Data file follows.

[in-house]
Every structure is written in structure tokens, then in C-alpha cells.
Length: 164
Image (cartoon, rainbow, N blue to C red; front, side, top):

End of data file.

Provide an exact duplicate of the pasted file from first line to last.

[in-house]
Every structure is written in structure tokens, then in C-alpha cells.
Length: 164
Image (cartoon, rainbow, N blue to C red; front, side, top):